God.
A reception for Professor Carlson
will be held after the lecture at Lane
Hall.
ICC Elections Held
The Inter -Cooperative Council
. announced the election of the fol-
lowing ICC committee chairmen
yesterday: Midge Miller, '46, Social
Chairman; Sally Heliker, '44, Pub-
licity and Publications Chairman;
Diane Turk, '44, ICC Accountant;
and Irene Hollingsworth, '43, Edu-
catitn Chairman.
Professors To Speak
Prof. Esson M. Gale and Dr. Joseph
K. Yamagiwa will lecture on "Japan
and China, Now and After" at 8:30
p.m. Friday in the Hillel Fireside dis-
cussion.
Following the lectures, Professor
Gale, of the political science depart-
ment, and Dr. Yamagiwa, instructor
in Japanese, will lead a discussion in
the present and future problems of
the Orient.
A Purim celebration has been
scheduled for 9 p.m. Saturday, with,
dancirg, entertainment ana refresh-
ments highlighting the evening.
Debaters Go to Detroit
Eight members of the University
debating squad will travel to De-
troit Tuesday, March 30, to partici-
pate in a series of discussions with
members of the American Insti-
tute of Banking.
ThrQugh the media of open for-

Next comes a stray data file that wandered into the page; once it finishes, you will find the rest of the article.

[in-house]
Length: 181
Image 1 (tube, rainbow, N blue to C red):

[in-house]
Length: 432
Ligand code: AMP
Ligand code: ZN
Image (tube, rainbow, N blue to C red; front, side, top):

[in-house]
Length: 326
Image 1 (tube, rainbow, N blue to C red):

ums and round table discussions,,
the participants will try to deter-
mine the nature and the projems
of the Post-War world in its gov-
ernmental, social and economic as-
pects.
'U' High To Give Play
"Ever Since Eve," a comedy in the
Henry Aldrich style of adolescent ad-
venture, will be presented April 30
and May 1, in the auditorium of the
University High School by the junior
class.

Ann Arbor Schools Undergo.
Wartime Changes In Curricula
By HARRIET PIERCE and electricity which give valuable
th the step-up in curricula of technical training.
iation's colleges becoming more d. Courses in radio and code train-

Wi
the

ON THE HOME FRONT:

pronounced daily,

it follows that

training in secondary schoolh should
undergo certain wartime adjustments
also.
The Ann Arbor public schools have
been among the first to institute defi-
nite changes. which will train stu-
dents for specific wartime purposes.
The Committee on School and
Community recently issued a conclu-
sive bulletin for parents of Ann Arbor
school children which states clearly
the changes which the public schools
have made in this direction. Definite
adjustments are most notably evi-